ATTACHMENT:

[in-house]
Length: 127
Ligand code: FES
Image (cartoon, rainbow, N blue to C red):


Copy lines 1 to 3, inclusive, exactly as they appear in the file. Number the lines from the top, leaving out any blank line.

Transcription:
[in-house]
Length: 127
Ligand code: FES